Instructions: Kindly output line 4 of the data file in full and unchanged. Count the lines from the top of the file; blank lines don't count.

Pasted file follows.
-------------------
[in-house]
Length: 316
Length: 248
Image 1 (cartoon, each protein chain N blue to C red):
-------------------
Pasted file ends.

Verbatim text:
Image 1 (cartoon, each protein chain N blue to C red):